American Startup Upgrade Is Venturing Into Buy-Now-Pay-Later Services Following The Sector’s Boom

If there’s any financial sector that’s currently booming, it’s the buy-now-pay-later sector. The sector is receiving a lot of attention at the moment and startups, companies and investors are trying all they can to leverage the unending opportunities in the sector.

American fintech company Upgrade is set to launch its buy-now-pay-later services and join the continually increasing list of companies providing the service.

Thanks to the coronavirus pandemic and other minor factors which boosted online shopping as well as payments, the buy-now-pay-later sector has boomed to become a major industry valued at at least $100 billion. The industry is so huge that leading financial companies in the world have ventured into providing these services. Jack Dorsey owned Square reached a deal to acquire AfterPay – Australia’s biggest buy-now-pay-later service – for $29 billion. PayPal has a buy-now-pay-later service called Pay in 4, and has been operational since last year. The opportunities that lie in the sector are endless, Mastercard also launched an instalment program for fintechs and banks this week, launching it into the space.

Upgrade was founded by Renaud Laplanche in 2016. The company is a digital banking startup that provides customers with payment cards alongside personal lines of credit. What the company does is that it allows customers to revolve their balance – it takes into account all the purchases a customer makes in a month and creates an instalment plan which is usually long term for them. The time period varies between 6 to 36 months and the company charges a fixed interest rate.

As common with buy-now-pay-later services, Upgrade plans to launch a buy-now-pay-later product that will be free from interest. What makes its product stand out from other providers of the service is that the company will let users pay off their debt in four months, completely free from any interest. CEO of the company, in a statement, said that “we are working on a version of the Upgrade Card that’s better suited for smaller expenses. In that case, we don’t need to charge interest because it’s a smaller amount”.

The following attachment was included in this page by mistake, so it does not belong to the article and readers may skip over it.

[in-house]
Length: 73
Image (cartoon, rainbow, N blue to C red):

What this means is that Upgrade’s buy-now-pay-later product is completely different from that of other companies, both in the time frame for repayment and how it will work. Unlike how companies like Afterpay and Klarna operate, Upgrade will pull all the user’s card purchases and send them an invoice of what they owe over a four-month period instead of adding a checkout option at merchant’s websites. “What we like about embedding the product into a card is the broader acceptance. BNPL often relies on partnerships with merchants. It’s starting to get mainstream online, but not so much in-store”, Renaud Laplanche said.

He also stated that Upgrade’s IPO will take a while as the company has to get read and is looking at a period of 18 months to do so.  “We clearly have the size. We’re growing very, very fast. We’ve been profitable now for more than a year, which is rare for a company that is growing that fast. We can hopefully be ready sometime in the next 18 months. Then we’ll make a decision at that time on what’s best for our shareholders and our team members”, he said.

Other fintech giants in the world are looking at venturing into the buy-now-pay-later sector. Stripe is looking at offering the service through its platform and is looking to roll out the service in the first quarter of 2022. “It’s a payment method that we need to support because a certain amount of consumers want to use it a certain percentage of the time. For me, it’s just a way of addressing a larger share of wallet for our merchants”, CEO and co-founder Domm Holland said.

Although it is currently a booming sector, the buy-now-pay-later sector has been subject to regulatory scrutiny of late.

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